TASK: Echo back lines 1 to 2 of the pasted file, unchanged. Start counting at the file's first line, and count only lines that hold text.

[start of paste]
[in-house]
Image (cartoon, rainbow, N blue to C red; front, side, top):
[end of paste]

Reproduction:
[in-house]
Image (cartoon, rainbow, N blue to C red; front, side, top):